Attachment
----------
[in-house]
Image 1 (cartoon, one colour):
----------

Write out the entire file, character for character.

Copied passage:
[in-house]
Image 1 (cartoon, one colour):